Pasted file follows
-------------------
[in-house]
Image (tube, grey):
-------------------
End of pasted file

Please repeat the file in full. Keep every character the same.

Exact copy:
[in-house]
Image (tube, grey):